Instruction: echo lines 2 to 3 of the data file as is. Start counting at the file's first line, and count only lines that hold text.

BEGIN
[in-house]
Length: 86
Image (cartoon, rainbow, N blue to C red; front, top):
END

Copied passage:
Length: 86
Image (cartoon, rainbow, N blue to C red; front, top):